Bupleurum is a short lived perennial, so for our purposes it is an annual. It has uber chic dusty green leaves on branched stems. These leaves are ‘perfoliate’ (learn this word and impress people that don’t get out much.) This means that the stems appear to grow thorough the leaf…somewhat freaky…but cool. (Hence name Thorowax… through-wax…olde worlde Englishe)
Bupleurum is a particularly useful plant in the cut flower world…it adds a lightness and a ‘zinngyness’ to almost all arrangements.
Lots of folk have difficulty in getting Bupleurum to grow. There is usually one simple reason for this. It needs light to germinate…so don’t bury the seed. Here is a brief guide:
How To Grow Bupleurum.
*Thoroughly weed the bed in which you are going to sow your Bupleurum seeds.
*Ensure this bed is in full sun for best results.
*I sow in straight lines to make weeding easier.
*I make an Autumn sowing September and spring sowings from April.
*Sow seeds on the surface but firm them into the ground. You are best to pre water the bed to stop the little munchkins from being washed away from the flood of water from your can, afterwards.
*You CAN start them off in pots…but direct sown plants seem to be more gutsy.
*Keep the seed bed damp during germination which will be two weeks at best…a month or more at worst.
*Try your best to keep the weeds down during the germination…they will be stealing nutrients and water from your babies.
*I space my plants to about a foot apart.
Also take a peak at my ‘Seeds To Sow In Autumn Collection’ 12 packets with a 20% and FREE shipping.
I hope this is of some use…ask away if you have any questions.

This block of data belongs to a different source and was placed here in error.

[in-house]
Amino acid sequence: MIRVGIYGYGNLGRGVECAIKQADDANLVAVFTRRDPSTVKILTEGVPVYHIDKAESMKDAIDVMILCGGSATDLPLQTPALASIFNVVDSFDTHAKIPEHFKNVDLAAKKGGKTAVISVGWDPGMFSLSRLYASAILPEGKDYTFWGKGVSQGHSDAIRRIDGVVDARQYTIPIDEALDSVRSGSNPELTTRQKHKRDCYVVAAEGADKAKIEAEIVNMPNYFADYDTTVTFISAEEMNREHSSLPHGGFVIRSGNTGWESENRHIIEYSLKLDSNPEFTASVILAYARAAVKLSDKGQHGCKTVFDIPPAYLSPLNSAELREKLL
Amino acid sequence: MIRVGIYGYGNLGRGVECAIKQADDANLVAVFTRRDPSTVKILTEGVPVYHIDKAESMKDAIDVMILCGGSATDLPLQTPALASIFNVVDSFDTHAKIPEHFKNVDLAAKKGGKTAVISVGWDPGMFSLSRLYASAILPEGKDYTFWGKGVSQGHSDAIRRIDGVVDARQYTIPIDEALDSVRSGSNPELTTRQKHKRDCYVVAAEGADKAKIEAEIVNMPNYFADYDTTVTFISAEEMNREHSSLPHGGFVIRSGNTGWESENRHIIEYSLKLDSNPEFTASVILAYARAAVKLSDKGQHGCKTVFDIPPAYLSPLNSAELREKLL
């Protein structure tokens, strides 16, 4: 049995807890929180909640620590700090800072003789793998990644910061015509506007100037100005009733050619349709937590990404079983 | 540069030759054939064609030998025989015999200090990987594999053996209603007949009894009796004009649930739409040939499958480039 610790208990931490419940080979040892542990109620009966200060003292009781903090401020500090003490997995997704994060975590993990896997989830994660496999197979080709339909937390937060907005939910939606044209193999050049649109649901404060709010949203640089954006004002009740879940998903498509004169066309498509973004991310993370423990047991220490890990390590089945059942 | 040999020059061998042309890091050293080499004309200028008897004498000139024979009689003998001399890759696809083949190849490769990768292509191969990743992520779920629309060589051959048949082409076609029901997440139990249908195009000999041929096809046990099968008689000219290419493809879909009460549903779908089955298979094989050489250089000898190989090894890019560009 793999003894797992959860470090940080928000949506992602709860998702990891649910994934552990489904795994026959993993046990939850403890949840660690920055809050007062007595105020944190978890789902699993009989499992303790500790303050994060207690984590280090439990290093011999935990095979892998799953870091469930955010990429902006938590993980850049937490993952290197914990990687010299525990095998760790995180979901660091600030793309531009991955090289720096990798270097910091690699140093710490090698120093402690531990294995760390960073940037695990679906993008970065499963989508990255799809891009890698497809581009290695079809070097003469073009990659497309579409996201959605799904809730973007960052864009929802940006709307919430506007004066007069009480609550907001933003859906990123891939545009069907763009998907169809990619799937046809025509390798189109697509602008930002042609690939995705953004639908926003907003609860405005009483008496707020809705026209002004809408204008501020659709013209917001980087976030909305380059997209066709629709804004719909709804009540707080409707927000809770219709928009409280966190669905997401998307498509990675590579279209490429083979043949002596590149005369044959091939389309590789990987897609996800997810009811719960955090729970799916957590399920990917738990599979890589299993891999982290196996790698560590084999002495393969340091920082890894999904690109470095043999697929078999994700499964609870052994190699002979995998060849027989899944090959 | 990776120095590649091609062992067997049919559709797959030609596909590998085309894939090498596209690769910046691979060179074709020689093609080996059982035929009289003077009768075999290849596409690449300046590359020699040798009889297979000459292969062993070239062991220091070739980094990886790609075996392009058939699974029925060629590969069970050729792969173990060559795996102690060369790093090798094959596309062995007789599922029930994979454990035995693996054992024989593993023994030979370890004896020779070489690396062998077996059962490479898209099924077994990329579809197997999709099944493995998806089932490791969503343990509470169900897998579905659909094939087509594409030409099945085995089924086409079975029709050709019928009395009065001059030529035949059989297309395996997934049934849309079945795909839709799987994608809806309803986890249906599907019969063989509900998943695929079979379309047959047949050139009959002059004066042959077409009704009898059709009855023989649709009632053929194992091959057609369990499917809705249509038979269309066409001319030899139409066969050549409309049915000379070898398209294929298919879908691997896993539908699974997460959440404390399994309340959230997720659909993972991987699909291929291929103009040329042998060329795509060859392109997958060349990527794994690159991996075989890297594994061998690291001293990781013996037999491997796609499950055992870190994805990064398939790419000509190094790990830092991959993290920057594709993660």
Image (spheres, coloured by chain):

Other flowers you may like to learn how to grow are Rudbeckia and Malope Trifida Vulcan
December 18, 2014 @ 10:03 pm
how long does it take to grow from seed
October 2, 2014 @ 11:40 am
Hi Ben, I see you include nicotiana lime green in your ‘small gardens’ pack, but I prefer the look of bupleurum – would it be a good substitute in terms of size and production? Looking forward to starting a flower garden for the first time (I’m already a keen veg-grower) but I only have a small space for it so I want to get the best out of it!
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August 15, 2013 @ 5:41 pm
[…] ‘Bupleurum‘ AND ‘Corncockle’ appear in the ‘Seeds to sow in Autumn‘ […]
April 26, 2013 @ 6:20 pm
I am wondering where you are located. I am in zone 4 / 5. this info would help.
April 26, 2013 @ 7:10 pm
I am in the south of the UK…we don’t have zones…what state are you in?
April 13, 2013 @ 6:41 pm
Thanks for the advice Ben, I was wondering why my bupleurum weren’t germinating. I surface sowed them but covered with vermiculite. Will this stop germination? Also I put in heated propagator.
April 14, 2013 @ 7:01 am
I haven’t found the need for a propagator. The vermic’ will be fine….just keep in mind they can take ages…and they are temperamental little cherubs. Once you get them going you will find they self seed in the same spot. :)
January 17, 2013 @ 6:13 pm
Thank you so much for your quick feedback! Do you also by any chance grow craspedia (Billy Balls)? I’m having some trouble getting a clear idea of how many flowers on average to expect per plant, so am having trouble calculating bed space there.
January 20, 2013 @ 1:41 am
I am growing some this season…I will keep you informed… :)
January 17, 2013 @ 5:54 pm
Thank you so much for posting this information! I’m a new grower, entering my second season of running my own CSA. I’m excited to try growing bupleurum for my csa pyo and my market bouquets, and I’m wondering how prolific the plants are. Does bupleurum offer a lot of growth from which to cut? If I were to include it in 15 bouquets a week during its season, plus some for CSA members to cut, is 12′ of bed space (5ft wide bed) enough, would you guess? Thanks for any thoughts that you might have.
January 17, 2013 @ 6:03 pm
That would be a good ball park…though it depends on who much you would use in each bouquet of course….plunge it straight into water after you’ve cut it…it will freely reseed itself too. Good luck with your venture! :)